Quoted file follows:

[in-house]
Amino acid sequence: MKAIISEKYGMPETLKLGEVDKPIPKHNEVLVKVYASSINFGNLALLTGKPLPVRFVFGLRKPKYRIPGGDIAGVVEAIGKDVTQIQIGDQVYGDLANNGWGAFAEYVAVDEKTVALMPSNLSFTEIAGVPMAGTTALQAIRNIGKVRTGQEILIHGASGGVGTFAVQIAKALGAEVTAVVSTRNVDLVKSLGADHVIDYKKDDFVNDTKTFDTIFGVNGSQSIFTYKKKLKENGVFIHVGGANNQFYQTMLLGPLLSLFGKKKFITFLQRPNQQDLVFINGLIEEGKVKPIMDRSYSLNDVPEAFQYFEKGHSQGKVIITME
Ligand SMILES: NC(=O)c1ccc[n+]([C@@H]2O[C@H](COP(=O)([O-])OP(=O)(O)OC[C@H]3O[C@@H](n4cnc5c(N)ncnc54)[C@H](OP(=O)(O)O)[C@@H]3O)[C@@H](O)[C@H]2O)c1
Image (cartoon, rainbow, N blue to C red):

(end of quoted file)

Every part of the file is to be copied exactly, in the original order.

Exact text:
[in-house]
Amino acid sequence: MKAIISEKYGMPETLKLGEVDKPIPKHNEVLVKVYASSINFGNLALLTGKPLPVRFVFGLRKPKYRIPGGDIAGVVEAIGKDVTQIQIGDQVYGDLANNGWGAFAEYVAVDEKTVALMPSNLSFTEIAGVPMAGTTALQAIRNIGKVRTGQEILIHGASGGVGTFAVQIAKALGAEVTAVVSTRNVDLVKSLGADHVIDYKKDDFVNDTKTFDTIFGVNGSQSIFTYKKKLKENGVFIHVGGANNQFYQTMLLGPLLSLFGKKKFITFLQRPNQQDLVFINGLIEEGKVKPIMDRSYSLNDVPEAFQYFEKGHSQGKVIITME
Ligand SMILES: NC(=O)c1ccc[n+]([C@@H]2O[C@H](COP(=O)([O-])OP(=O)(O)OC[C@H]3O[C@@H](n4cnc5c(N)ncnc54)[C@H](OP(=O)(O)O)[C@@H]3O)[C@@H](O)[C@H]2O)c1
Image (cartoon, rainbow, N blue to C red):